Like many, if not most, suburban spawn of the 70s and 80s who didn’t live in major metropolitan centers, my first exposure to an actual punk band outside of Rock and Roll High School was when one of John Belushi’s favorite groups, Fear, appeared on Saturday Night Live in 1981, in a slam-dance filled performance that so repelled NBC that for years they refused to rerun the episode. Punk was able to sneak into even more unsuspecting and unprepared American homes via cable, thanks to the old USA Network TV series Night Flight, which used to run four-hour programming blocks on Friday and Saturday nights. The wide-ranging content included everything from Firesign Theatre comedy shorts to cartoons, midnight movies, and a crude but riveting shot-on-video live punk music showcase somewhat misleadingly titled New Wave Theatre. Fear was of course among the most jaw-dropping acts to appear on the program, and I remember how remarkably tribal and ritualistic the mosh pit seemed to my young(er) eyes, and how much I found myself wanting to be in the thick of something akin. The thing I recall most vividly was how one guy at the front of the crowd had his arms wrapped around a speaker monitor, bashing the side of his head against the speaker over and over, as if trying to manually smash the music through the bones of his skull and directly into his brainpan. Thirty years later, it’s anyone’s guess whether people will still be bashing in their own brains when founder Lee Ving brings this year’s version of Fear, including longtime (since 1995) drummer Andrew Jaimez, to the Observatory on June 28. The all-punk bill includes Boston’s Street Dogs, Left Alone from Wilmington CA, and Orange County’s the Last Gang.
It may seem strange that Counting Crows is celebrating a quarter century with their 25 Years and Counting Tour, given that only a few of those years found them with much chart presence, but keep in mind that the sort of MOR radio hits that the band traffics in are genetically designed to have the half-life of uranium. They had something of a comeback in 2014 when their seventh studio album, Somewhere Under Wonderland, made a top-ten chart debut and spun-off a mildly successful single, their first in years, with “Dislocation.” However, the tour title makes it clear that they’ll mainly be leaning on nostalgic evergreens, with the greatest hits production heading for Mattress Firm Amphitheatre on July 10, where chart-topping Pennsylvania rockers Live just might steal the show from the celebratory headliners, with alt-anthems aplenty like “Lightning Crashes,” “All Over You,” and the omnipresent “I Alone.”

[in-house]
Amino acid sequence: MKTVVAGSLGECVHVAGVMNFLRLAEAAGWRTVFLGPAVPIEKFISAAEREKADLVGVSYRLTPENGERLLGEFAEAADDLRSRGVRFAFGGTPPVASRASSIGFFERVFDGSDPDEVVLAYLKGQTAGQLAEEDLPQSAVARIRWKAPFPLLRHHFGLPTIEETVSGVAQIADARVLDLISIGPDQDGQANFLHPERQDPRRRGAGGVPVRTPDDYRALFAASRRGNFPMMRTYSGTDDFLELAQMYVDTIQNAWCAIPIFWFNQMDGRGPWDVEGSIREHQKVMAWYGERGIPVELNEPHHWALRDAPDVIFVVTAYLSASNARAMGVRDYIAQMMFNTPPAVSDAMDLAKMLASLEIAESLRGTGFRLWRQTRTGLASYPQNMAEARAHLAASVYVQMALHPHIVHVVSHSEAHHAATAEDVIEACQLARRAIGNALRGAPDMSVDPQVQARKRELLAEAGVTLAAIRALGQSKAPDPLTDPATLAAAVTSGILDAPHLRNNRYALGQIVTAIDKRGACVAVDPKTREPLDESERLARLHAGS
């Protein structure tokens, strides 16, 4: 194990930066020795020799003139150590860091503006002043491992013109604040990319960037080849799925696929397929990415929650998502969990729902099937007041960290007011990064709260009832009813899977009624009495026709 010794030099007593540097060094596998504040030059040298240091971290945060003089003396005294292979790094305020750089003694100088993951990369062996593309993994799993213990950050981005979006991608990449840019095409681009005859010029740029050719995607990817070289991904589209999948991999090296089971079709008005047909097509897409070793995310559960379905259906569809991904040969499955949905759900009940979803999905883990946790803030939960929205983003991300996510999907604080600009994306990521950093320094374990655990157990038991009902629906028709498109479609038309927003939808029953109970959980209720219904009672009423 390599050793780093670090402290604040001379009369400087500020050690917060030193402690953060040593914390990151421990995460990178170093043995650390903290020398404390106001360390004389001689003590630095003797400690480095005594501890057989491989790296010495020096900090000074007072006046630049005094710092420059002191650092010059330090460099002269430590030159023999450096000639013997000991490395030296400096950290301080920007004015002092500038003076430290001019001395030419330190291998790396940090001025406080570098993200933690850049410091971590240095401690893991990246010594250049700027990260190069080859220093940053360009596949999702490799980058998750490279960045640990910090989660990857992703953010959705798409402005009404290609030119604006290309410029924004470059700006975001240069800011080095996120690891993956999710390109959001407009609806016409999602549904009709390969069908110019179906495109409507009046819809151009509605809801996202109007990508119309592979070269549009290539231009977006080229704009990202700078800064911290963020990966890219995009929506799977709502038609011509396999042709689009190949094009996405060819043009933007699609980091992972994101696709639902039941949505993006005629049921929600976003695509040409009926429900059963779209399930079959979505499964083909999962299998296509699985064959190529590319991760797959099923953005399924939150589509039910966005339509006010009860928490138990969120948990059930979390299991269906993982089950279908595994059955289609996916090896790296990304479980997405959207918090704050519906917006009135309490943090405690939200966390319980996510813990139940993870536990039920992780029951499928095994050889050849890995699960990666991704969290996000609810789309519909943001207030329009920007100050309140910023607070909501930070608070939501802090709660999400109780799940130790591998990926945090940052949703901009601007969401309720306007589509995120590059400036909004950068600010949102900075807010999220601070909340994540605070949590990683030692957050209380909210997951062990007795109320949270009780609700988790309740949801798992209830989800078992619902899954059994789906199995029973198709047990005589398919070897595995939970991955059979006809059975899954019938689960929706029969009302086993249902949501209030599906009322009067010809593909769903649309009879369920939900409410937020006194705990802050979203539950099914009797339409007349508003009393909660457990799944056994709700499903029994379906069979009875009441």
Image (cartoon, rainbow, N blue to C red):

- Friday, July 20, 2018, 8 p.m.
2501 Kettner Boulevard,
It’s been almost four years since we heard any new music from Portland barnburners Stephen Malkmus & the Jicks, but the just-released single “Middle America” was worth the wait. Malkmus is a mountain-man poet of sorts, playfully twisting language to spin evocative laments like this tune’s chorus, “Crush me back to where I belong, hold me down anchor strong, fill me up ‘til I overflow, in the wintertime.” Advance press indicates that the tour coming to the Casbah on July 20 will feature Malkmus & the Jicks working out new tunes planned to accompany “Middle America” on an upcoming full-length. Opening act Dommengang is a slightly paisley hard rock trio, founded in Brooklyn and currently based in L.A., specializing in electric blues and outer space jams with a new album to promote, Love Jail. Guitarist Dan “Sig” Wilson has also collaborated with Castanets, led by former San Diegan turned New Yorker Raymond Raposa.